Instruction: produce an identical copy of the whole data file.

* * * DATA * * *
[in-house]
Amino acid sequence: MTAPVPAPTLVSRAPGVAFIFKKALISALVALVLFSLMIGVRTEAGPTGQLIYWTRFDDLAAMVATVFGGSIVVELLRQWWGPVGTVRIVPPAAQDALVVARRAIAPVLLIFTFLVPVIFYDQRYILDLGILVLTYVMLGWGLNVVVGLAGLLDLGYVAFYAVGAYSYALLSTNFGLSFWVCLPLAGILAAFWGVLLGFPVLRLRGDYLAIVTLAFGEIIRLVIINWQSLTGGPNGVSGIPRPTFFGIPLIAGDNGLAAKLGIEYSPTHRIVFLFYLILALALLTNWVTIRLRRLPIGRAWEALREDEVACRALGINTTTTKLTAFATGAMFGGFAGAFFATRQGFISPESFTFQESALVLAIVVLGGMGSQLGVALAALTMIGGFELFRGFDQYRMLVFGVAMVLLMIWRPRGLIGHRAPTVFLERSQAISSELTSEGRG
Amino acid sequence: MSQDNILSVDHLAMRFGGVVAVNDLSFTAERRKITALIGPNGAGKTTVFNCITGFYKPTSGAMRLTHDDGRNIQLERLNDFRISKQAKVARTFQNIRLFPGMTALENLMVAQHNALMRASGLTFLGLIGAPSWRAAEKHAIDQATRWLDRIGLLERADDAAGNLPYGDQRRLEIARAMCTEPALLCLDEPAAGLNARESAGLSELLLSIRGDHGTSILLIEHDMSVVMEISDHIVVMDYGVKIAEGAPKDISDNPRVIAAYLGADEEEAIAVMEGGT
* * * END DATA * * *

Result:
[in-house]
Amino acid sequence: MTAPVPAPTLVSRAPGVAFIFKKALISALVALVLFSLMIGVRTEAGPTGQLIYWTRFDDLAAMVATVFGGSIVVELLRQWWGPVGTVRIVPPAAQDALVVARRAIAPVLLIFTFLVPVIFYDQRYILDLGILVLTYVMLGWGLNVVVGLAGLLDLGYVAFYAVGAYSYALLSTNFGLSFWVCLPLAGILAAFWGVLLGFPVLRLRGDYLAIVTLAFGEIIRLVIINWQSLTGGPNGVSGIPRPTFFGIPLIAGDNGLAAKLGIEYSPTHRIVFLFYLILALALLTNWVTIRLRRLPIGRAWEALREDEVACRALGINTTTTKLTAFATGAMFGGFAGAFFATRQGFISPESFTFQESALVLAIVVLGGMGSQLGVALAALTMIGGFELFRGFDQYRMLVFGVAMVLLMIWRPRGLIGHRAPTVFLERSQAISSELTSEGRG
Amino acid sequence: MSQDNILSVDHLAMRFGGVVAVNDLSFTAERRKITALIGPNGAGKTTVFNCITGFYKPTSGAMRLTHDDGRNIQLERLNDFRISKQAKVARTFQNIRLFPGMTALENLMVAQHNALMRASGLTFLGLIGAPSWRAAEKHAIDQATRWLDRIGLLERADDAAGNLPYGDQRRLEIARAMCTEPALLCLDEPAAGLNARESAGLSELLLSIRGDHGTSILLIEHDMSVVMEISDHIVVMDYGVKIAEGAPKDISDNPRVIAAYLGADEEEAIAVMEGGT